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Annuities 101

By Jason Alderman

Nervous investors have faced many challenges over the last few years searching for safe havens. That's one reason many turn to annuities to ensure a steady stream of retirement income. But with so many types of annuities offered – and complex rules, fees and restrictions – it's not uncommon for investors to buy products not ideally suited to their needs.

Here's a brief primer on how annuities work:

Annuities are insurance products that pay out income. Typically, you make a lump-sum or series of payments to the seller. In return, they agree to pay you periodically for a definite period (say 20 years) or an indefinite period (until death) in one of two ways:

  • Immediate annuities begin paying benefits the year you deposit your money.
  • With deferred annuities, your account grows on a tax-deferred basis until you begin receiving payments at a later date.

There are three basic types of annuities:

  • Fixed annuity. You're paid an agreed-to rate of interest while your account is growing and receive periodic payments of a specified amount.
  • Indexed annuity. The seller provides an investment return based on changes in a particular index (such as the S&P 500).
  • Variable annuity. You invest your account among a variety of options (typically mutual funds) and your rate of return and payment amounts will depend on their performance.

Many people purchase annuities because they grow tax deferred – that is, your contributions are not taxed, but any earnings they generate are taxed at your regular income tax rate. Annuities have no annual contribution limit, but you'll pay a 10 percent federal tax penalty withdrawals before age 59 ½.

One big tax disadvantage is that, whereas earnings from money invested in stocks, bonds or mutual funds is taxed as capital gains, annuities are taxed at regular income tax rates, which can be significantly higher.

Annuities can be very expensive compared to other types of investments. Before signing any agreement investigate:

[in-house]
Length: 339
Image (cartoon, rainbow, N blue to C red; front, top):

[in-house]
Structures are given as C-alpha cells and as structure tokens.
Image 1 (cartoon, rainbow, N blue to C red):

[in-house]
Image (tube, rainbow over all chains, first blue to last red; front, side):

• Sales commissions, which initially can run as high as 10 percent, plus ongoing commissions in subsequent years.
  • Depending on what type you buy, you could be charged an additional 2 percent or more per year in various account management fees.
  • Most deferred annuities charge an early withdrawal penalty called a surrender charge, which usually starts at 7 or 8 percent and gradually declines to zero. However, they can also be much higher, so read your contract carefully.

A few additional precautions:

  • Consider consulting a fee-only financial advisor versus one who earns commissions recommended products.
  • Because 401(k) plans and IRAs are already tax-deferred and have lower fees, it may not make sense to roll over those balances into an annuity.
  • Before moving an existing annuity into a new account, analyze surrender charges, sales commissions and other fees you'll be charged.
  • Many annuities end upon your death, so if you want your heirs to continue receiving your benefit, investigate joint and survivor or term-certain annuities.
  • Check the insurer's credit rating with credit bureaus like A.M. Best, Standard & Poor's and Moody's.

To learn more about annuities, visit investor websites for the Securities and Exchange Commission (www.investor.gov) and the Financial Industry Regulation Authority (www.finra.org/Investors/index.htm).

Bottom line: Annuities are sometimes a good investment option, but make sure you fully understand the terms, cost-structure and possible penalties before signing on the dotted line.




This article is intended to provide general information and should not be considered legal, tax or financial advice. It's always a good idea to consult a tax or financial advisor for specific information on how certain laws apply to your situation and about your individual financial situation.

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